as it were.

    [*] in a soft link, an entry points to another entry by
    name; that entry can easily be changed. In a hard
    link, an entry points to an *object* (identified by
    inode), and once made, a hardlink is indistinguishable
    from any other reference to that object. In effect,
    one has two or more entries for the same object
    -- a fact reflected in the link count of the
    stat()/lstat()/fstat() call. (Since directories all
    contain '.' and '..', the link count for a directory
    can be any number greater than or equal to 2, and
    depends on the number of directories immediately below.)

    In other words:

    (create file a)
    ln a b
    rm a

    is indistinguishable from

    (create file b)

    as far as other tools are concerned, after this
    sequence of instructions is done. In a symlink
    (ln -s a b above) deleting a would result in a
    broken symlink; it is still possible to do a create
    through that symlink under certain conditions, but
    it points to no object prior to that creation.

    For its part the Amiga implementation was asymmetrical,
    unlike the Unix one, which presumably led to some
    interesting quirks. Part of that asymmetry was because
    the Amiga did not have inodes as such, and therefore
    could not implement the symmetric variant.
     
    The Ghost In The Machine, Oct 8, 2007
    #42
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  3. ultimauw

    Oxford Guest

    they'd first have to start bricking anything. so far they haven't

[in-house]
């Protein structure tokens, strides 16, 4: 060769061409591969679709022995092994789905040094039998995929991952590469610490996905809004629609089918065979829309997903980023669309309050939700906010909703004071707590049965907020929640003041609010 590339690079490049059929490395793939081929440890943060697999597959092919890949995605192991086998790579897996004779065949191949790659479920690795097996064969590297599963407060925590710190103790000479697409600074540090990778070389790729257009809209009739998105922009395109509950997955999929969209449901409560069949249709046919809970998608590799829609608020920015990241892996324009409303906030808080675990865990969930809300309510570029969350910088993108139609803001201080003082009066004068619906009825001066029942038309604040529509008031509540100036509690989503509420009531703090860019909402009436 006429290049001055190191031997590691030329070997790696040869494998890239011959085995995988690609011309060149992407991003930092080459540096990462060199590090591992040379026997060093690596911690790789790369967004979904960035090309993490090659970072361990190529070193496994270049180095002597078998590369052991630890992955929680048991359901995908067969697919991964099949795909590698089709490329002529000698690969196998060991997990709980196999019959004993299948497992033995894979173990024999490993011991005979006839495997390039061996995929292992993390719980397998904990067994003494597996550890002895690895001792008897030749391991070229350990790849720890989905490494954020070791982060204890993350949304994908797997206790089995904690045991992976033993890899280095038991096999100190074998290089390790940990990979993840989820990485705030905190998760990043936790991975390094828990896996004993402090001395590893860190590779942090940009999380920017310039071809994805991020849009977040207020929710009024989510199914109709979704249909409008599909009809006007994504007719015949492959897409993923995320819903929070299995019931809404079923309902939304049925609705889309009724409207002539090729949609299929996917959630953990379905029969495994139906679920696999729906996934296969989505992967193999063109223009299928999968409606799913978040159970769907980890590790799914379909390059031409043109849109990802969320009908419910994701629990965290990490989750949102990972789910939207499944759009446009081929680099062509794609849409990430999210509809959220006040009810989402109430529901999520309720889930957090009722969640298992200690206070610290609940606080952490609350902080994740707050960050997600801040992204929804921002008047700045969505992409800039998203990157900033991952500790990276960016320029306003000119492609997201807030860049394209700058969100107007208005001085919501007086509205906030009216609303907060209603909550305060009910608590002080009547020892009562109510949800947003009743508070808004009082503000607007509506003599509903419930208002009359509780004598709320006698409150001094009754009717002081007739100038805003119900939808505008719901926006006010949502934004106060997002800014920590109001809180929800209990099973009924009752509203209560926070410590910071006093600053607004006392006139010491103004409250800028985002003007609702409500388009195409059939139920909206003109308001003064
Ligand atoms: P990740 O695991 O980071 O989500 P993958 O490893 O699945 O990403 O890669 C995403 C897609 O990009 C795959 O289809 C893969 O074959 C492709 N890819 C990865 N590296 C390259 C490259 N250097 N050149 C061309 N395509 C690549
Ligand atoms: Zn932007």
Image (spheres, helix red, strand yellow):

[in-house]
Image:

bricked any of their products in 31 years.

    sounds like you are reading false reports designed by Nokia to trick the
    uneducated.
     
    Oxford, Oct 8, 2007
    #43
  4. ultimauw

    Kier Guest

    Where do you get *that* incredibly dumb idea? You must have pulled it out
    of your arse.
    'Technically free' - in other words, you recommend that people steal it.
    We Linux users have no need to be thieves.
    Bullshit. You're incredibly biased against Linux.
    Bullshit.
     
    Kier, Oct 8, 2007
    #44
  5. ultimauw

    spike1 Guest

    Bullshit

    I wonder when oxford will begin to talk about something he has knowledge
    of... Obviously, in this newsgroup, the answer is "Never"
    --
    -----------------------------------------------------------------------------
    | | Windows95 (noun): 32 bit extensions and a |
    | | graphical shell for a 16 bit patch to an 8 bit |
    |Andrew Halliwell BSc(hons)| operating system originally coded for a 4 bit |
    | in |microprocessor, written by a 2 bit company, that|
    | Computer Science | can't stand 1 bit of competition. |
    -----------------------------------------------------------------------------
     
    spike1, Oct 8, 2007
    #45
  6. ultimauw

    Oxford Guest

    so you are you talking to yourself, or admitting I'm correct with that
    comment?

    kier, you know I want the best for the linux movement, but I've clearly
    seen that it has stalled, so just trying to help you and other linux
    users see the clear light.
    Ah, OSX is now 7 times larger than Linux's installed base, so that means
    I've learned quite a bit, while you have been sent back to school to
    learn more.

    The biggest event in the history of UNIX is about to happen, where will
    you be when it does?

    http://www.pcadvisor.co.uk/news/index.cfm?newsid=10951
     
    Oxford, Oct 8, 2007
    #46
  7. ultimauw

    Jesus Guest

    In other words, you don't understand.
    There already are pro-level apps on Linux. If you actually read this
    thread and comprehended it, you'd understand that.

    **** you, Oxtard.
     
    Jesus, Oct 8, 2007
    #47
  8. In comp.os.linux.advocacy, Oxford
    <>
    wrote
    Sure it does. That's why so many Apple OSX servers are
    running amuck serving webpages.